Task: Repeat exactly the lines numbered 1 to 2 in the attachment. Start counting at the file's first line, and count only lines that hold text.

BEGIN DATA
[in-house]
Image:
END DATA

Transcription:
[in-house]
Image: